Seasonality of Some Arctic Alaskan Chironomids
Braegelman, Shane Dennis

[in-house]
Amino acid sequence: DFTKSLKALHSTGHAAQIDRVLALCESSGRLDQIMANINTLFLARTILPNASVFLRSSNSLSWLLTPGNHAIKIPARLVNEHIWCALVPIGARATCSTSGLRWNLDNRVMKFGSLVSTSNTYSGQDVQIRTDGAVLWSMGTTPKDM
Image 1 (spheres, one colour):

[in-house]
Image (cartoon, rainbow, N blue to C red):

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Arthropods, especially dipteran insects in the family Chironomidae (non-biting midges), are a primary prey resource for many vertebrate species on Alaska’s Arctic Coastal Plain. Midge-producing ponds on the ACP are experiencing climate warming that may alter insect seasonal availability. Chironomids display highly synchronous adult emergence, with most populations emerging from a given pond within a 3-5 day span and the bulk of the overall midge community emerging over a 3-4 week period. The podonomid midge Trichotanypus alaskensis Brundin is an abundant, univoltine, species in tundra ponds near Barrow, Alaska, with adults appearing early in the annual emergence sequence. To better understand regulation of chironomid emergence phenology, we conducted experiments on pre-emergence development of T. alaskensis at different temperatures, and monitored pre-emergence development of this species under field conditions. We compared chironomid community emergence from ponds at Barrow, Alaska in the 1970s with similar data from 2009-2013 to assess changes in emergence phenology. Overwintering larvae of T. alaskensis increased in larval size, dry weight, and head capsule size between pond thaw and pupation, indicating substantial larval growth as well as development preceding pupation in the year of emergence. Pupal development showed a consistent degree hour requirement independent of mean daily temperature. We detected a significant advancement of overall midge emergence by about one week in Barrow tundra ponds since the late-1970s. Chironomid midge development clearly is regulated by temperature, but at least some species require substantial feeding and growth during the post-thaw period, raising the possibility of nutritional influences on emergence phenology. Under a warming climate, altered adult emergence timing may result from earlier thaw, warmer temperatures, and possible changes in food availability.